Ethical Super Funds Explained, so You Know All Your Options

Ethical Super Funds Explained, so You Know All Your Options

If you’ve considered shifting your superannuation fund in recent years, you may have noticed that there’s an increasing focus being placed on where your money is being invested.

Where once upon a time we just signed up to the super fund our employers suggested, nowadays, there’s a lot more public interest in not only selecting the right option financially, but a good option, ethically.

Ethical super funds are becoming far more commonplace, and folks are weighing up their options on whether or not they should be investing in more than just their personal future.

To learn more about this movement and the benefits of it, I spoke with Simon Sheikh, CEO and co-founder of Future Super and Canstar Group Executive, Financial Services, Steve Mickenbecker – both of whom shared their insights on this space.

What’s an ethical super fund, anyway?

In a nutshell, these are superannuation funds that make an active effort to invest your funds in a socially and ethically balanced way. This will vary from company to company, but as Mickenbecker put it:

“Typically, ethical investing involves supporting companies and industries that are making a positive impact on communities and on the environment and excluding those that have a negative impact.”

If you’re wondering what we mean by negative impact – that really depends. Not all funds are the same. But opting for a traditional investment option may mean that your money is being put into industries like “nuclear weapons, fossil fuels and alcohol” or companies that have been “associated with poor human rights records, poor environmental records, adult entertainment, nuclear power and conventional weapons,” Mickenbecker explained.

Selecting an ethical option means you have the option to choose which areas you’re comfortable investing your money in.

How much of a difference does your money make, anyway?

Well, if you consider that all employers must contribute to the superannuation of their employees, it’s easy to see we’re talking about a lot of money here. Where it is invested has a huge impact.

Sheikh explained:

“Super is an enormous pool of money that we all share – worth over $3 trillion. To put that massive number into perspective, it’s enough money to fund Australia’s transition to renewable energy ten times over. Companies all over the world are linked to the money in Australia’s super. We can use that money to its full potential and make sure we’re financing clean energy, not fossil fuels.”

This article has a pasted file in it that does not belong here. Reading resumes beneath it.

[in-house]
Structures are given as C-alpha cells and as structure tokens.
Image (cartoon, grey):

“Choosing an ethical super fund is akin to voting with your wallet,” he added.

Taking the time to decide where you’d like to invest your money, and what companies you’d prefer to see supported with it has considerable weight. On a personal note, it also means you’re acting in accordance with the issues you care about.

“A superannuation fund invests retirement savings on behalf of its members and unless you pursue an ethical fund then you may unknowingly be investing in companies or industries that are not sustainable and don’t align with your values,” Mickenbecker shared.

But will I earn as much money with ethical investments?

This varies depending on who you choose to invest your super with, and industry performance.

Mickenbecker explained that Canstar data indicates that the “average annual investment return from ethical funds of the last five years is 6.49 per cent”. This sits a little behind other options which see an average return of 7.31 per cent.

However, it’s worth noting that “many of the ethical investment options provided by super funds have not been around for a full five years, and looking at the average three-year return from ethical funds it shows they are outperforming other funds by 0.34 per cent,” Mickenbecker added.

Fees may also be slightly higher, he shared. The average annual fees for ethical funds appears to sit at 1.28 per cent, with other funds sitting at 1.05 per cent, according to Canstar.

Opting for an ethical fund doesn’t necessarily mean your finances will suffer, but Mickenbecker shared that “it can mean that at times certain growth opportunities will have to be passed up.”

How to tell if your super fund is ethical or not

Chat to your super fund and see if you’re happy with where your money is currently going, along with “how much your fund discloses and the values of the fund you’re with,” Sheikh explained.

“A really simple way of testing this is to ask your fund how much money across their portfolio is invested in fossil fuels versus renewable energy.”

In short, you shouldn’t underestimate the significance of your choices when it comes to superannuation. And asking a few more questions may show you it’s time to make a change.

“The power of people switching their super is now on display. Every time someone leaves their outdated super fund and makes the switch to an ethical fund like Future Super, the fund they are leaving takes notice,” Sheikh said.

And if big businesses are paying closer attention to the value of ethical investments, surely that can only be a good thing.

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